Pete McCabe Says:

If I were a betting man I would back Isner to win this one.

He has the mental and physical ability to do so.

Let’s see anyway.

JDC Says:

We’ll have to wait to compare Ivo’s and Isner’s serve. That said, part of the comparison is how often the serve is “on”. The comparison shouldn’t include “when so-and-so is on”. If it does, you could say that, when you only consider Olivier Rochus’ aces, his serve is as good as anyone’s. Both Ivo and Isner have monster serves. Chances are, the comparison will come down to who is “on” more frequently. Don’t forget second serves, too … right now, Isner’s appears to be consistently harder than Ivo’s.

funches Says:

Ivo has been unbreakable for even Federer most of the times they’ve played. I think Federer has broken his serve once in their last three matches.

You’re right that I shouldn’t have used the phrase “when’s he’s on” because it’s subjective. To clarify, Ivo’s serve is on almost all the time. It went off in New Haven last week when he got sick from the heat and definitely was not on against Clement at the U.S. Open, when he got broken about five times, but that was an incredibly rare event.

Isner got broken four times in the final two sets by Ferrer recently. After watching him last night, I believe he will be better than Karlovic overall as he gains experience, but I can’t imagine his serve being as consistent.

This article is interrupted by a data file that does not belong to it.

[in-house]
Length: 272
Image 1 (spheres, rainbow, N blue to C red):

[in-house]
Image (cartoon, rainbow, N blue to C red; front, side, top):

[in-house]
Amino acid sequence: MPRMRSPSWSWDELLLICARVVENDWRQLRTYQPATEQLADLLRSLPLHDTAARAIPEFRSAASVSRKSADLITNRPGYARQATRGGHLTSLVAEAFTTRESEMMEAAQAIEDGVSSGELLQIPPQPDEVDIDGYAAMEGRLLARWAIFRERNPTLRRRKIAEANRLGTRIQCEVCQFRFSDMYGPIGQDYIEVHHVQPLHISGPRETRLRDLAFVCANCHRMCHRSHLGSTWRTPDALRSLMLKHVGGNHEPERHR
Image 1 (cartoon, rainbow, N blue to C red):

JDC Says:

I agree with Ted Robinson’s comment last night: I would love to see Ivo and Isner play doubles together. In addition to the spectacle (and extra $$ for both), it would give Isner a chance to improve his net and return games.

jane Says:

It depends – if roger is wearing his tuxedo shorts, then there is no chance isner can take him. roger’s just too classy in that outfit. lol.

in all seriousness, no, isner can’t beat fed. but it’d be a spectacular upset if he did because the entire tournament would open up. who would win it with no roger and no rafa? (given that rafa’s apparently hobbled.)

FOT Says:

One thing Roger has going for him… He hasn’t lost to an American in over 30 matches… I can’t think of the exact number now (somewhere like 34 straight against Americans)… or whatever the number… but it’s high. Last time I checked – Isner was from America, right?

Shawn Says:

Sorry pal, your run has officially come to an end. I actually like Isner’s game, but unless Federer plays left handed or otherwise suffer internal injuries, Isner’s US Open campaign is over. It was an impressive run. I can see this guy claiming a few Wimby titles in a few years, his huge serve and volley game are comparable to another American that has since retires. Like his game, but even the best serve and volleyers can’t touch Federer on this stage. I’ll even go as far and say it may go 4 sets, but will probably be 3 and done. I’ll be watching.

JDC Says:

Isner has a better chance at winning the USO than Wimby. The USO hardcourts are faster than Wimby’s grass, and the balls bounce higher on the hardcourts than on grass (better for his serve to go over opponents and better to prevent him from having to bend for low balls).

awk Says:

A comment on the TV commentary by Ted Robinson and John McEnroe:

It is a shame having to listen to their verbal diarrhea during an entire match. They talk about everything but the match in progress. It’s terrible. It’s disrespectful to the players and to the viewers.

jane Says:

awk –

They’re especially disrespectful of players who aren’t named Roger. Even last night they went on-and-on about Fed before the match began, including discussing his outfit and his hair, until McEnroe said “is he playing somebody here?” and they jokingly introduced his opponent.

Typical and offensive, in my opinion.

missing agassi Says: